1) Too complicated. Too many moving parts. Too much explaining.

2) Don't ever start talking politics with friends unless you already know you're on the same side of whatever issue/candidate you may be discussing. Otherwise, you may not be friends much longer.

3) If somebody pays five bucks for a chance to be/name/designate a character in one of my books (including physical details, real or imagined history, endearing and/or annoying personal habits, etc.) and we wind up having--what do they call it in Hollywood?--"Artistic Differences" over that character and how he or she fits into the narrative, I can feel pretty much justified in reserving the right to switch them to one of the fine 2nd prizes (still a $250 value) and giving the grand prize to the next runner-up.

But if some rich asshole pays a significantly larger amount for the same opportunity at auction and we have "artistic differences", the situation could get a lot stickier. And uglier. And more uncomfortable. And confrontational to the point where lawyers could conceivably become involved. And that's simply not worth it. Life's too short.

So here, now, for the first and final time, is how we're going to handle this thing. Please read carefully:

THE BE (or designate) A CHARACTER IN

The grand prize winner will have the privilege of naming, supplying physical/character traits, real or imagined history, endearing or irritating personal habits, etc. for a supporting character in the next "BS" Levy next novel, THE 200mph STEAMROLLER Pt. II: The Italian Job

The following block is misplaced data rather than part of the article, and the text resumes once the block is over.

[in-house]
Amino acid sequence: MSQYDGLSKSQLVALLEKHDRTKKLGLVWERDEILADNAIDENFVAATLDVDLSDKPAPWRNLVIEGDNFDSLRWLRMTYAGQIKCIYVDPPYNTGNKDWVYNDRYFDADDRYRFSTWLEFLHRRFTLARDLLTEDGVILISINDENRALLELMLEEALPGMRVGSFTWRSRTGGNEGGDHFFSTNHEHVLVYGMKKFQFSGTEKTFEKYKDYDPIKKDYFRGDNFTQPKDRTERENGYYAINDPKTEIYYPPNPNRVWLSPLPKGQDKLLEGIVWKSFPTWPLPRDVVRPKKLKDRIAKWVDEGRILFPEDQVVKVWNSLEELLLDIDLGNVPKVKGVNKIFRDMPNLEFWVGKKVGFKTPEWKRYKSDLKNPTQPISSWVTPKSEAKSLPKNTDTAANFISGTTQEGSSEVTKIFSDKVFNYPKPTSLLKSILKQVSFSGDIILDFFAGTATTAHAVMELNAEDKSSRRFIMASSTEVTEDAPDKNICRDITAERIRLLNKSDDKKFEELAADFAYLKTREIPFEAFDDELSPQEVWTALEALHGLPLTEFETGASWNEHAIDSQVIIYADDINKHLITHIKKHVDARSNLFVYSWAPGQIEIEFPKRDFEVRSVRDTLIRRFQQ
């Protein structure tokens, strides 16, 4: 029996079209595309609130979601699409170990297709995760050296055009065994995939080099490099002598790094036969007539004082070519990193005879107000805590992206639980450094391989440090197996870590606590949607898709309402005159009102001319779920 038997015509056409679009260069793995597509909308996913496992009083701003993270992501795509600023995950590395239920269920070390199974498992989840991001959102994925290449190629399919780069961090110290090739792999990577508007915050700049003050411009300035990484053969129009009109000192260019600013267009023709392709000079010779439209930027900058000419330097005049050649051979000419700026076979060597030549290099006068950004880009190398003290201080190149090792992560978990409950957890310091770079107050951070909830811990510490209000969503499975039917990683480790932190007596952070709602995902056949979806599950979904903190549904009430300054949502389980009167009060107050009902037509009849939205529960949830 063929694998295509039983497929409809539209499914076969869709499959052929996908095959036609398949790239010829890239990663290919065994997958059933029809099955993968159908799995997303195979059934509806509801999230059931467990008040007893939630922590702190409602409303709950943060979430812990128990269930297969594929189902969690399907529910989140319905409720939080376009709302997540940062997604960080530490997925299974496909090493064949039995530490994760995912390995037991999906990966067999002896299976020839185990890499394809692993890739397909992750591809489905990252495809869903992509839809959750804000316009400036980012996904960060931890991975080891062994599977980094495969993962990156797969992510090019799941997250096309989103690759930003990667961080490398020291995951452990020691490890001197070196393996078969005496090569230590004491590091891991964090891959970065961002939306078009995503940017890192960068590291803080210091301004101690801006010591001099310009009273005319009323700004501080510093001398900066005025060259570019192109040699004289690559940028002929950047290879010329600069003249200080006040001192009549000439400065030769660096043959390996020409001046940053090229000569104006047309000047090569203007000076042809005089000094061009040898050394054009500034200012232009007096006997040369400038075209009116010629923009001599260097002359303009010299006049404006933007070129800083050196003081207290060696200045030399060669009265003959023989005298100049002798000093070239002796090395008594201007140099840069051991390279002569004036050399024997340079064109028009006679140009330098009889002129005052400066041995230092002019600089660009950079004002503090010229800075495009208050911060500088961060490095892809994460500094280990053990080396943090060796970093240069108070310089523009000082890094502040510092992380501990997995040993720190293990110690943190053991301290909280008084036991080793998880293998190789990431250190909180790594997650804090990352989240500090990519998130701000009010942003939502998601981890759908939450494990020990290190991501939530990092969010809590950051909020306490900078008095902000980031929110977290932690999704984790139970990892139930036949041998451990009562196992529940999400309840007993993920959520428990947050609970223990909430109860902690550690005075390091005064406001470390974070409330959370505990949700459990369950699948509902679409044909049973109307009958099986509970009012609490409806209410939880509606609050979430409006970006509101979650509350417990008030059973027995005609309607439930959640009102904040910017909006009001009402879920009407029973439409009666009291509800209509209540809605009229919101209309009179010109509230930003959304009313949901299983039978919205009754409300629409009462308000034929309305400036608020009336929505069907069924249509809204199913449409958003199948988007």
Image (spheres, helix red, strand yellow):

which is scheduled to debut at THE HAWK Vintage Races at Road America July 16-19, 2015

There will be three (3) second-place winners, each of which will receive complete, $250.oo sponsorships in the new book.

There will be ten (10) third-place winners, each of which will receive signed/personalized, first-edition copies of the new book.


Raffle tickets are 5 bucks each, 5 for $20, 15 for $50 and 40 for $100, and are already available for sale on the website (CLICK HERE!) and from the Think Fast Ink office at (708) 383-7203.


The prize drawing will be held at precisely midnight during the running of the Rolex 24 at Daytona, January 24-25, 2015. Results will be posted immediately and winners will also be notified by e-mail.

BTW, those raffle tickets make GREAT (and cheap!) stocking stuffers for all your grizzled old gearhead friends!

NEWS from the ROAD!

To be honest, I was already kinda running out of gas following the travels and adventures detailed in my previous e-blasts (hey, I'm getting a little old for this stuff, OK?) but I was also looking forward to my first-ever visit to the Hilton Head Car Show & Concours (car clubs on Saturday, high-zoot concours entries on Sunday) and it was indeed a wonderful event. Only I picked the late plane so I could help wife Carol with the Trick-or-Treaters on Halloween Friday. And it was real windy and wet and nasty in Chicago that day, so we didn't get many. And then my late plane got delayed even later on account of the wind. Like so I didn't get to my effing hotel on Hilton Head until 2 in the effing morning. And then the balmy South Carolina weather failed to appear as planned, and Saturday's "club day" was as damp, cold, windy and bone-chilling as what I'd left up in Chicago. Phooey. But a bunch of idiot diehards showed up anyway (me, included) and we even sold a few books (emphasis on "few"). Come Sunday, the weather turned chamber-of-commerce nice and the concours was a fine, fun show. Plus all the class winners both days passed right in front of Frank and Amy's People Kars booth where I was signing books, so I got to see the very best of everything. And I'm a little embarrassed to say that the car that tickled me most was a beautifully sculpted, bullet-nose Studebaker street cruiser that was just cool as all getout!